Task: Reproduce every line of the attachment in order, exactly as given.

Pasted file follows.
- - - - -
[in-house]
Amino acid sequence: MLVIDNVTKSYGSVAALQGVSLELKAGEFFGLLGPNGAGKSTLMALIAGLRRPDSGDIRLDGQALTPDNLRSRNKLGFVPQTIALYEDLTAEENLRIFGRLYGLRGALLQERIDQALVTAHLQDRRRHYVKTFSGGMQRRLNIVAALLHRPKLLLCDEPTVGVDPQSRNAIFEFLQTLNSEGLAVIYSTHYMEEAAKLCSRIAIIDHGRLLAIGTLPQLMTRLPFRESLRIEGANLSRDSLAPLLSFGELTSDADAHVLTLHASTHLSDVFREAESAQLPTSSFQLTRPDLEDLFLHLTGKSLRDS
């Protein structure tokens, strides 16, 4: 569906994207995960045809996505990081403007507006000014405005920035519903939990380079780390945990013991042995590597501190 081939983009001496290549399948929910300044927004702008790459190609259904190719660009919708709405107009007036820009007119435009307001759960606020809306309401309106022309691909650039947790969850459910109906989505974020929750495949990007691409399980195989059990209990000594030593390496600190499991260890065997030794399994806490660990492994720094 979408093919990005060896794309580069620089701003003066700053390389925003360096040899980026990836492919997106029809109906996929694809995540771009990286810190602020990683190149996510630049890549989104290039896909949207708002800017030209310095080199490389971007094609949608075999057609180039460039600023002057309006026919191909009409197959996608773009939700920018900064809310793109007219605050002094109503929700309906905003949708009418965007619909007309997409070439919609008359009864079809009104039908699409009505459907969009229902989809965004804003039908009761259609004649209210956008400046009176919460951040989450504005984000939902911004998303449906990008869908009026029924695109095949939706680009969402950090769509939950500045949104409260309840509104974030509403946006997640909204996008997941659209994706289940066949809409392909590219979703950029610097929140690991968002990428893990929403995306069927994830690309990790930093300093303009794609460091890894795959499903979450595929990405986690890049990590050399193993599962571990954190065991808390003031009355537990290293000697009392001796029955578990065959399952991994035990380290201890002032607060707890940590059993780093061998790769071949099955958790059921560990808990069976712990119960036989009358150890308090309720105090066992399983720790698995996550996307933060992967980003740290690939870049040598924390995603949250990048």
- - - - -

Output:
[in-house]
Amino acid sequence: MLVIDNVTKSYGSVAALQGVSLELKAGEFFGLLGPNGAGKSTLMALIAGLRRPDSGDIRLDGQALTPDNLRSRNKLGFVPQTIALYEDLTAEENLRIFGRLYGLRGALLQERIDQALVTAHLQDRRRHYVKTFSGGMQRRLNIVAALLHRPKLLLCDEPTVGVDPQSRNAIFEFLQTLNSEGLAVIYSTHYMEEAAKLCSRIAIIDHGRLLAIGTLPQLMTRLPFRESLRIEGANLSRDSLAPLLSFGELTSDADAHVLTLHASTHLSDVFREAESAQLPTSSFQLTRPDLEDLFLHLTGKSLRDS
């Protein structure tokens, strides 16, 4: 569906994207995960045809996505990081403007507006000014405005920035519903939990380079780390945990013991042995590597501190 081939983009001496290549399948929910300044927004702008790459190609259904190719660009919708709405107009007036820009007119435009307001759960606020809306309401309106022309691909650039947790969850459910109906989505974020929750495949990007691409399980195989059990209990000594030593390496600190499991260890065997030794399994806490660990492994720094 979408093919990005060896794309580069620089701003003066700053390389925003360096040899980026990836492919997106029809109906996929694809995540771009990286810190602020990683190149996510630049890549989104290039896909949207708002800017030209310095080199490389971007094609949608075999057609180039460039600023002057309006026919191909009409197959996608773009939700920018900064809310793109007219605050002094109503929700309906905003949708009418965007619909007309997409070439919609008359009864079809009104039908699409009505459907969009229902989809965004804003039908009761259609004649209210956008400046009176919460951040989450504005984000939902911004998303449906990008869908009026029924695109095949939706680009969402950090769509939950500045949104409260309840509104974030509403946006997640909204996008997941659209994706289940066949809409392909590219979703950029610097929140690991968002990428893990929403995306069927994830690309990790930093300093303009794609460091890894795959499903979450595929990405986690890049990590050399193993599962571990954190065991808390003031009355537990290293000697009392001796029955578990065959399952991994035990380290201890002032607060707890940590059993780093061998790769071949099955958790059921560990808990069976712990119960036989009358150890308090309720105090066992399983720790698995996550996307933060992967980003740290690939870049040598924390995603949250990048």